If my daughter is any indication, we might have the first Indian-American pro hula-hooper(she really is that good) even though that’s not a thing—yet. We are raising the first generation of kids who might not speak the mother tongue, because their ABCD parents—yes, our clever Gen X acronym designed to define us as distinct from the adults—has aged into parenthood.
We were born in Michigan, Louisiana, Utah and California. We are here to stay. We have a damn Bollywood radio station, for Krishna’s sake.
Which begs the question—what are we going to do with this hot mess? It’s easy to want to remain uninvolved, to detach to the insular desi-land, to consider this the Americans’ problem, maybe look into our cousin’s offer of a desk job in Hyderabad with a life-style lined with servants. But we don’t have that luxury any more—our kids, and our kids’ kids only know this country; going back is simply not an option for most of us. The fruit from the first orchard has dropped, and the seedlings have rooted into this soil.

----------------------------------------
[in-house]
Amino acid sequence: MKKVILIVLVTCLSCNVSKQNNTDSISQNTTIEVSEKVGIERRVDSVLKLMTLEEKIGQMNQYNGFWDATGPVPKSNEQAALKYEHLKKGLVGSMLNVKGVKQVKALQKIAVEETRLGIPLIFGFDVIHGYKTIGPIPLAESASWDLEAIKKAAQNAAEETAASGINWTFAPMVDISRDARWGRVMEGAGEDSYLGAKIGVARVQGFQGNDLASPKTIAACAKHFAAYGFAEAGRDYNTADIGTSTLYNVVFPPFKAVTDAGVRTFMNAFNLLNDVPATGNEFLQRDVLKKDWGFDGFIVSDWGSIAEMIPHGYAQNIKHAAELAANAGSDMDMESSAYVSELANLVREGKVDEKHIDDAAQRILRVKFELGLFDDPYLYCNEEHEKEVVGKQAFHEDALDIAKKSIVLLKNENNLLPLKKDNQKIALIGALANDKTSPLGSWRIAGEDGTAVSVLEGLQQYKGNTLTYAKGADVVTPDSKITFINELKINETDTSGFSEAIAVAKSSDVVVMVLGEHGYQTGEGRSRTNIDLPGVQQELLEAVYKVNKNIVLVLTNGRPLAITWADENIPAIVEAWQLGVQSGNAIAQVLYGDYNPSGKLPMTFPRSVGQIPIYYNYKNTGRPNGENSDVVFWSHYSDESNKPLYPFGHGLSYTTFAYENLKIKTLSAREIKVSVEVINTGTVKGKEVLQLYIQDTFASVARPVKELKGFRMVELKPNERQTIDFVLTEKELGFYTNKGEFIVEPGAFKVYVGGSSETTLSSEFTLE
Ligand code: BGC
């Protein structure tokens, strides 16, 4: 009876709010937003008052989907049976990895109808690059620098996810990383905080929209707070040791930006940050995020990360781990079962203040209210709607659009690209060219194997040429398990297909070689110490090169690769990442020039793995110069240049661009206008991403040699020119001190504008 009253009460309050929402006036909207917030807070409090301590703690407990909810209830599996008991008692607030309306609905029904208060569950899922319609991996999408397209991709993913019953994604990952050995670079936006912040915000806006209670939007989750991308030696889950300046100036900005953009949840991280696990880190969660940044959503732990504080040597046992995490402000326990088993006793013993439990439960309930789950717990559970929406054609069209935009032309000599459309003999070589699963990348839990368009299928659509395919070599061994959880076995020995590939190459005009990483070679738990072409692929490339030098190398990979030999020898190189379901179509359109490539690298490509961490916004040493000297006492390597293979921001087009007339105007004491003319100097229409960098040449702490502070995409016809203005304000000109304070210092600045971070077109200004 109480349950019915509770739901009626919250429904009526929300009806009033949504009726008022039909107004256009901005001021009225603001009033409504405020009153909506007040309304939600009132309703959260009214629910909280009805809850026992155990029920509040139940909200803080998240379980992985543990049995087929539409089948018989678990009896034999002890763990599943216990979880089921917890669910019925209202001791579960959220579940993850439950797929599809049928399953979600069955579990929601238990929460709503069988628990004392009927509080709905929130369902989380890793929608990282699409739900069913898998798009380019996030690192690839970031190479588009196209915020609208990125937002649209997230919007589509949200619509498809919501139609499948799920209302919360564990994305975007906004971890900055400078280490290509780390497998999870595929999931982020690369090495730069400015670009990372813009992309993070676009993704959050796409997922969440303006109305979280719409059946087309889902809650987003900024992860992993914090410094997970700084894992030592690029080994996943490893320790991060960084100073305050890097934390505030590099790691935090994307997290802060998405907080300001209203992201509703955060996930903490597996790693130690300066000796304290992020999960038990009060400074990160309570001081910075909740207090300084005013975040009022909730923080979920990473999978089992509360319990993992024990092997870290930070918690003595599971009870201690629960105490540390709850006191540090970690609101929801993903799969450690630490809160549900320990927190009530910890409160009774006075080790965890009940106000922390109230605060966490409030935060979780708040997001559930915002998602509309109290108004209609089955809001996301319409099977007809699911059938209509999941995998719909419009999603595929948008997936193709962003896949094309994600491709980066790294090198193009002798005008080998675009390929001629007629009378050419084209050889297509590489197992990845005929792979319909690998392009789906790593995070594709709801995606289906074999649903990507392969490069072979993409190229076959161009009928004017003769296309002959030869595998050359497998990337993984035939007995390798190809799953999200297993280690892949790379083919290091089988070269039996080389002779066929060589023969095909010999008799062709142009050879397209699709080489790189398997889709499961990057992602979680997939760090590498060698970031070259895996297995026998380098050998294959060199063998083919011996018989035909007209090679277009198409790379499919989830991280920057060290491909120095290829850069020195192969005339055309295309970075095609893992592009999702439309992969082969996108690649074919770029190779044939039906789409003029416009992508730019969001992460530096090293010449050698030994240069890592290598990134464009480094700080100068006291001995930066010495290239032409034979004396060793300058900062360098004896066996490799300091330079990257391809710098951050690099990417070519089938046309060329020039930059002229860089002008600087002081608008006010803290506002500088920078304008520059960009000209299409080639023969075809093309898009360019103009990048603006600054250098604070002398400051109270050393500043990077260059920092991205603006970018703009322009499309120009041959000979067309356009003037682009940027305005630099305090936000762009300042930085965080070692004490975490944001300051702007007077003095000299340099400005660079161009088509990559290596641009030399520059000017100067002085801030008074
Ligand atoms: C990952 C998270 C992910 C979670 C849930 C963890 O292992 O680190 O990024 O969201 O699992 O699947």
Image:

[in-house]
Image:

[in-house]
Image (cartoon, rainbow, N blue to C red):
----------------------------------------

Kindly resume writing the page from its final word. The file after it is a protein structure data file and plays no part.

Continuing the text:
So—what do we do? Things are different now. A commercial on our Bollywood station assures me that the South Asian community is the “fastest growing, most affluent demographic in the Bay Area” and while this sounds a touch immodest to my liberal-American-NPR-junkie ears, it is also true. Make no mistake, if you simply extracted every desi from Silicon Valley simultaneously, it would fall apart. California, as a state, is the eighth biggest economy in the world—in tech, media and agriculture, providing one-third of the nation’s produce. Let’s also be quite sure that the Trump administration will make no discernible difference between Mexican, Indian, Arab, Black, Jewish, LBGT, or anything else—it doesn’t see when it looks in the mirror. We are the next to go, whether or not that is uncomfortable to realize.